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Livingstone athletes victorious in the classroom

By Laurie D. Willis
Livingstone College News Service
SALISBURY — In nationally televised speeches, President Barack Obama, a diehard sports fan, has insisted the U.S. do a better job educating its young men and women. In fact, the president has issued a challenge for the United States to have the highest proportion of college graduates in the world by 2020.
Chances are good Obama would be excited about what’s going on at Livingstone College.
While the Blue Bears want to win on the hardwood, gridiron and in other sports, the college is winning where it should — in the classroom. So much so that just the men’s cross country team was recognized as having the highest GPA in the CIAA, and the men’s basketball team was recognized for the same accomplishment in early March.
“I think it speaks volumes for Livingstone College that two of our teams had the highest grade point average in the CIAA,” said Dr. Leroy Simmons, vice president of academic affairs. “It shows that our students, coaches and faculty get it. They realize they’re students first.”
Livingstone College President Dr. Jimmy R. Jenkins Sr. was so proud of the cross country team that he invited members on stage during assembly to be honored. He also gave them some Blue Bear Dollars, play money akin to Monopoly money that can be spent in the student bookstore.
Jenkins also did the same thing for members of the men’s basketball team a few weeks ago. The team finished in second place in the Central Intercollegiate Athletic Association Tournament after defeating St. Paul’s College, Virginia Union University and Fayetteville State University before losing in the finals to Shaw University, 72-69.
It’s not unusual for colleges and universities to announce when their student athletes do well. In fact, Penn State University sent out a news release when more than 400 of its athletes earned a 3.0 GPA or higher during the spring 2009 semester.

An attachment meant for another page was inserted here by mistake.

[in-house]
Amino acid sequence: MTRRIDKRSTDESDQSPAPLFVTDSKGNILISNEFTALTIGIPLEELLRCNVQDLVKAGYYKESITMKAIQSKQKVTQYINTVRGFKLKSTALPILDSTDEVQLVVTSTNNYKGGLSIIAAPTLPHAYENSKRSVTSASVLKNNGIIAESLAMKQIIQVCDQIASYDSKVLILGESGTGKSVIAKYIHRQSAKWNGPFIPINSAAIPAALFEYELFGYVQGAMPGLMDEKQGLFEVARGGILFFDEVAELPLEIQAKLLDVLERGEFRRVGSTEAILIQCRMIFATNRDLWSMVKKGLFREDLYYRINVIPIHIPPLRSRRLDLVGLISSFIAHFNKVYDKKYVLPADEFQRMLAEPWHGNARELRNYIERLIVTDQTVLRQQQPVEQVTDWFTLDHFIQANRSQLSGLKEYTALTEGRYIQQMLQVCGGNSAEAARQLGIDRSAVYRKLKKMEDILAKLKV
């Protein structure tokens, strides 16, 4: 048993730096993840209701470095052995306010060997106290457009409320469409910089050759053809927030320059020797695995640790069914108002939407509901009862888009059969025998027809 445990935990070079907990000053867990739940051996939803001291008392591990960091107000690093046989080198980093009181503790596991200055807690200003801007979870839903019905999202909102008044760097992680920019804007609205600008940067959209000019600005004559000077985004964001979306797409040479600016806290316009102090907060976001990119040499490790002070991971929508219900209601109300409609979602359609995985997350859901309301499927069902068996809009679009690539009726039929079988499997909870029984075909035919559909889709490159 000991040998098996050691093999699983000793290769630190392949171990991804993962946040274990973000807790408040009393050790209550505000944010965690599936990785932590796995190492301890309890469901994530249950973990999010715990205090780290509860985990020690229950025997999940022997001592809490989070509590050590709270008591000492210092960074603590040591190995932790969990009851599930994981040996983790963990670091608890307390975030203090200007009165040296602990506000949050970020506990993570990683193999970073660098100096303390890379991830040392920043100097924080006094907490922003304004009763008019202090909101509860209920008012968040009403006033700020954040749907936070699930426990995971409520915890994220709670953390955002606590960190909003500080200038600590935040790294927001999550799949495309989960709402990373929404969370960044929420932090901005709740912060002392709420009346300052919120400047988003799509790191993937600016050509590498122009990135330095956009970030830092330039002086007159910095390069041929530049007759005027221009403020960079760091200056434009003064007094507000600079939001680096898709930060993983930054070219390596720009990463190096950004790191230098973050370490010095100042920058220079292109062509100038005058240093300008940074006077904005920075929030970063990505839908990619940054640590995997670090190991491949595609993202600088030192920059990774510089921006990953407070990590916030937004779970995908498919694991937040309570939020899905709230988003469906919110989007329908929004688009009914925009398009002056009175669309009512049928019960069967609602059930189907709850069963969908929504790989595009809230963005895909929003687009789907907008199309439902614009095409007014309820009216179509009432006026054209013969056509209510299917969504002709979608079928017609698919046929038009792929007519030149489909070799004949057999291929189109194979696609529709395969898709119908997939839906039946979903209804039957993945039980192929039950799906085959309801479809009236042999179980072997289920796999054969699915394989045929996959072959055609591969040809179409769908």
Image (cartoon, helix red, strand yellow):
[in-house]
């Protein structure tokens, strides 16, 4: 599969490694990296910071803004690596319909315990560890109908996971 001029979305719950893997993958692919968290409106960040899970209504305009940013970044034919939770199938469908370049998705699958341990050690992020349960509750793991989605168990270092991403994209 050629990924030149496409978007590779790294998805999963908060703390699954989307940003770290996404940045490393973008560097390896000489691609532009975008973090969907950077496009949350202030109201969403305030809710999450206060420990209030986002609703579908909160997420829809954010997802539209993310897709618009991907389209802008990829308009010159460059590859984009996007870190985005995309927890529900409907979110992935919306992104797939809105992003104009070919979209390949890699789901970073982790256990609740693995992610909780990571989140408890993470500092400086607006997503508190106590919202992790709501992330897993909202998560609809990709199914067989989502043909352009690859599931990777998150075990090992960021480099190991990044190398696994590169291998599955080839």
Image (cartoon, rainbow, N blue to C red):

In a time when U.S. high school kids keep dropping out of school at alarming rates, and fewer than 30 percent of Americans have a college degree, it’s good to know that academics – not athletics – is what colleges and universities are focusing on.
“Academics are very important to me,” said Tim Handy, 22, a junior accounting major from Salisbury. “I know the harder I study the more successful I will be in life, which will allow me to set a good example for my two younger brothers ages 19 and 12.”
Handy is a member of Livingstone College’s cross country team. So are Derrick Tinsley, 22, a senior business administration major from Oxon Hill, Md., and Ezra Mutai, 22, a junior biology major from Nairobi, Kenya.
“Academics are everything to me,” said Mutai, who plans to attend the University of North Carolina at Chapel Hill to obtain a doctorate in pharmacy when he leaves Livingstone. “That’s why I’m here. I’m getting to grow physically, emotionally and spiritually through my education.”
Added Tinsley: “I’ve realized since I got in college that track’s not going to last forever so I’m gaining as much knowledge as possible and maintaining a high GPA to help me achieve my goals.”
Justin Davis, track and field coach, said the coaches check on the student athletes’ grades bi-monthly and the athletes are required to attend study hall thrice a week.
Tony Holliday, assistant men’s basketball coach, said academics are always stressed to the players.
“It’s easy when you’re 19 or 20 and away from home for the first time to get caught up in the sport you’re playing and let academics take a backseat,” Holliday said. “But here at Livingstone College we don’t allow that. During tryouts we emphasize to the players that if they’re not willing to put academics first and understand that they’re student-athletes not athlete-students, they won’t fit in with our program.
“We’re competitive and want to win just like anybody else,” Holliday continued. “And we’re extremely proud of our team for being the runner-up at the CIAA, but Coach Stinson and I are more proud of them for having the highest GPA and putting academics first.”
Omar Ford-Bey, 20, a junior accounting major from Chester, Pa., said his parents taught him to always put school first.
“When I was younger if I didn’t have the grades I couldn’t play,” said Ford-Bey, a basketball player. “Here at Livingstone our coaches definitely put us in a good position with respect to time management to get done what we need to do off the court as well as on the court.”
Tyler Johnson, 19, a sophomore biology major from Raleigh, agrees with his teammate Ford-Bey. Johnson, a presidential scholar, hopes to attend medical school someday.
“I’m on an academic scholarship, and so if I don’t maintain excellent grades and take care of that I won’t be able to play basketball.”

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